China’s discriminatory detention of Uyghurs and other mostly Muslim ethnic groups in the western region of Xinjiang may constitute crimes against humanity, the U.N. human rights office said in a long-awaited report released Wednesday, which cited “serious” rights violations and patterns of torture meted out in recent years.
The report seeks “urgent attention” from the U.N. and world community to rights violations in Beijing’s campaign to root out terrorism.
U.N. human rights chief Michelle Bachelet, facing pressure on both sides of the issue, brushed aside multiple Chinese calls for her office to withhold the report, which follows her own carefully crafted trip to Xinjiang in May. Beijing has contended that the report is part of a Western campaign to smear China’s reputation.
The report has fanned a tug-of-war for diplomatic influence with the West over the rights of the region’s native Uyghurs and other predominantly Muslim ethnic groups.
The report, which Western diplomats and U.N. officials said had been all but ready for months, was published with just minutes to go in Bachelet’s four-year term. It was unexpected to break significant new ground beyond sweeping findings from independent advocacy groups and journalists who have documented concerns about human rights in Xinjiang for years.
But the office’s report comes with the imprimatur of the United Nations and the countries — notably including rising powerhouse China itself — that make it up. The report largely corroborates earlier reporting by advocacy groups and others, and injects U.N heft behind the outrage that victims and their families have expressed about China’s policies in Xinjiang for years.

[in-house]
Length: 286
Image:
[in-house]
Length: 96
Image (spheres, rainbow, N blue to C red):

“Beijing’s repeated denial of the human rights crisis in Xinjiang rings ever-more hollow with this further recognition of the evidence of ongoing crimes against humanity and other human rights violation in the region,” Agnes Callamard, Amnesty International’s secretary-general, said in a statement.
The run-up to the report’s release fueled a debate over China’s influence at the world body and epitomized the on-and-off diplomatic chill between Beijing and the West over human rights, among other sore spots.
The 48-page report says “serious human rights violations” have been committed in Xinjiang under China’s policies to fight terrorism and extremism, which singled out Uyghurs and other predominantly Muslim communities, between 2017 and 2019.
The report cites “patterns of torture” inside what Beijing called vocational centers, which were part of its reputed plan to boost economic development in region, and it points to“credible” allegations of torture or ill-treatment, including cases of sexual violence.
Above all, perhaps, the report warns that the “arbitrary and discriminatory detention” of such groups in Xinjiang, through moves that stripped them of “fundamental rights … may constitute international crimes, in particular crimes against humanity.”
The report was drawn in part from interviews with former detainees and others in the know about conditions at eight separate detention centers in the region. Its authors suggest China was not always forthcoming with information, saying requests for some specific sets of information “did not receive formal response.”
The rights office said it could not confirm estimates of how many people were detained in the internment camps in Xinjiang, but added it was “reasonable to conclude that a pattern of large-scale arbitrary detention occurred” at least between 2017 and 2019.
According to information gathered in investigations by other rights monitors and journalists, the Chinese government’s mass detention campaign in Xinjiang swept an estimated million Uyghurs and other ethnic groups into a network of prisons and camps over the past five years.
Beijing has closed many of the camps, but hundreds of thousands continue to languish in prison on vague, secret charges.